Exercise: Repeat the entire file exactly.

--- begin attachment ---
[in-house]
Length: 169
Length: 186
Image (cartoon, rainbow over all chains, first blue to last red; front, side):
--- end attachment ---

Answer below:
[in-house]
Length: 169
Length: 186
Image (cartoon, rainbow over all chains, first blue to last red; front, side):